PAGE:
In my Scribd.com posting, I quote Alexander Hamilton:
"Everybody, almost, can and will be willing to hazard a trifling sum for the chance of a considerable gain."
With internet access becoming ubiquitous, people who have the time to sit around can do literal keystrokes of work that are themselves a "trifling sum" for the chance of a [Lotto magnitude] "considerable gain."
In the Scribd paper, I describe how typists -- players -- need not be committed to working a set number of hours or keystrokes, or even start at the beginning of the document to be typed. Everyone -- anyone -- with web access can log on, submit a bitcoin address, do some typing -- really any amount of typing -- and earn the chance to win a payout funded by whomever needs the typing done. People on break at the office for a few seconds or minutes; on the subway; on the plane; in the airport; in the den; on the couch; in the company lounge; in the gym; in the lobby waiting for a job interview -- anywhere or everywhere you would just log on and do some typing. You follow copy as closely as you can because you know that only validated -- replicated -- keystrokes have a chance of winning. Beavis and Butthead inputting random keystrokes would just be wasting their time because those random keystrokes will not be replicated. Finally even they get the message: just follow copy and they might win.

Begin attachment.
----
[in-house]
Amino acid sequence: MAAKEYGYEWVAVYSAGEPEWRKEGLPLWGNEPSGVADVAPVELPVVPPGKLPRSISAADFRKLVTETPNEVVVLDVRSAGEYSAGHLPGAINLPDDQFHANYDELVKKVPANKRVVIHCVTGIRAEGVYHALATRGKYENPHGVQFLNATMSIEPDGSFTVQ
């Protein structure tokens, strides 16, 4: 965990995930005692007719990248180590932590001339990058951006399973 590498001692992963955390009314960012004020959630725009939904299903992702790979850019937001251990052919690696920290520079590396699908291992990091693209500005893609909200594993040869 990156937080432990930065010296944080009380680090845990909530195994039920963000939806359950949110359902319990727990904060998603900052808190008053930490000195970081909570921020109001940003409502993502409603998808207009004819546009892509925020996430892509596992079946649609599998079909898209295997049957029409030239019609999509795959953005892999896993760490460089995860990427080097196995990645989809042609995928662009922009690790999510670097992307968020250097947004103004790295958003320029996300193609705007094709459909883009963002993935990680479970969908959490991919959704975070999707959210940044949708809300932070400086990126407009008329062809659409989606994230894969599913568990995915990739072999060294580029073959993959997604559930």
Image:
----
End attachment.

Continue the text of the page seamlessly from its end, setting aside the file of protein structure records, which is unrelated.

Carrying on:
So the need for word processing and even translations can be outsourced and proofreading eliminated. Closer deadlines with higher mandated levels of replication would require higher payouts, or perhaps smaller payouts would be pooled into many such smaller payouts to make one bigger one. Lotteries could be worldwide, like Powerball-level games.
The really good thing here is that sedentary people who buy their Lotto tickets at the liquor store could instead earn their tickets without paying cash for them. Just do a few keystrokes anywhere you are. People who do not gamble might even be tempted, but now the form of gambling that is tempting them is fundamentally virtuous. They do productive work rather than pay cash. What could be wrong with that? Especially since no matter how much typing you actually do, you will only rarely win even trifling payouts -- exactly like conventional lotteries, except for them you pay cash.
Anyone who has become disenchanted with keystroke lotteries would be unlikely to resume paying cash for the same chance to win. That would be a good thing too.